Pride is a cultural celebration born out of New York nightlife. It came from the Stonewall Riots and grew into similar LGBT events around the world. For some nightlife natives, Pride doesn’t just happen once a year. Some people live, breathe and create this culture every week. Sabrina Haley is one of those people. As a producer, bartender, photographer and activist she supports nightlife culture on a year round basis. NCI sat down to talk with her on the eve of her biggest event of the year
NCI: Let’s start by talking about how you got started in nightlife and what you are up to now.
SH: I came to NYC in 2004 to be a photographer. I attended work scholar program at the Aperture Foundation. I worked there forty hours a week but didn’t get paid. I needed to find another way to make some money. An old friend of mine from San Francisco got a DJ gig at a place called Girls Room. The parties were scarce for us back then so I joined her to create a new event. That turned into a weekly party called Girl Scout. We had girl-scout cookie cocktails and gave away merit badges for best breasts and best dancers. Girl’s Room was a dirty spot on Lower East Side but the party took off and I was hooked. I started to promote, attend and photograph as many parties as I could after that. NYC was alive and I wanted to be a part of it. I learned then that life is what happens while you’re making other plans. When you let go of that concept you can succeed and rock anything!
Right now I am working to support Pride because it is my favorite time of year. I am working to produce some of the biggest and best parties. The biggest one I’m doing this year is the Siren Pride at the Beekman Beach Club. I’m planning to have great music, good food and drinks and sexy mermaid burlesque dancers celebrating with 3,000 people with a beautiful view of the Brooklyn Bridge.
NCI: Tell me all the different things you do in nightlife culture in a normal week. And then tell me what drives you to do all those things.
SH: Currently I produce and bartend a weekly Tuesday night event called Mix Tape, at Henrietta Hudson’s. It’s a happy hour into night dance party focusing on old school hip hop and throw back dance music. I also am the lead bartender and host of a Friday party called Lesbo A Go-Go at the infamous Stonewall Inn that has been going on for six years. We offer a high energy dance party with no cover, sexy go-go dancers, and lots of women every week. I also attend many other events to stay connected to the community. I’m out and about taking photographs at a lot of different places; everything from benefits to roof top launches to gay boy dance clubs to special house DJ sets. All my weeks look different!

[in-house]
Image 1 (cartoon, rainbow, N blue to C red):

My drive comes from the passion I have for my community. I want my life and work to be about helping people and bringing them together. It is so rewarding for me to get emails from young queers thanking me for what I do because it makes it easier for them to be gay and feel comfortable in their own skin. That makes it all worth it to me. What I do sends the message that I believe in our rights and am here to fight for them. That makes much more sense to me than spending my days checking into an office or selling my soul to corporate America.
NCI: Talk about the struggles that go into putting together a successful one off party and a successful weekly party. How many hours go into preparing for one night?
SH: They are very different beasts. When I am doing a one off party, it’s really best to have at least a month of preparation. If it’s a big annual party like Siren Pride our team usually works on it for at least four months. The concepts get kicked around almost as soon as the last one is done. It takes lots of hours. People really do not have any idea how much work it is to create a good party. It’s not just a FB invite. It’s a long term relationships with venues, talent and guests. It’s marketing across the board. It’s creative work to develop press, fliers and the look and feel of event. It’s decision making. It’s gambling. I have to decide which is the right DJ to make this crowd pop? What are the right hours for this night? The list goes on and on…
For a weekly party, I treat it like a relationship. You are working on it all the time, keeping up the momentum, coming up with new specials, theme nights, drink specials, promo, new talent, continued guests and things like that. You have to make the guest feel wonderful so they come back. A weekly survives on regulars. We love our tourists, and visiting partiers, but they do not keep it alive from week to week.
NCI: Tell me what you are looking for when you are conceptualizing a new event or looking at a new space?
SH: I usually have a creative spark; an idea of the event. Then I estimate the numbers from a 150 to 2000 person party. I try to find a space that is the right size and accommodations for that crowd. I like a nice full room, not too empty and not to packed. And the sound system is key. Finally, the venue has to be queer friendly (obviously) and the staff has to be both professional & fun.
NCI: What is the single most important thing that goes into a great party?
SH: I like to say..."Energy In, Is Energy Out". It’s a simple concept of physics. I put my heart into my events. I give it my energy and then people feel that. Everyone we hire from DJs, dancers and staff all get behind the idea. Then it becomes a community. That is contagious. The crowd feels it. And that’s when you have a great party.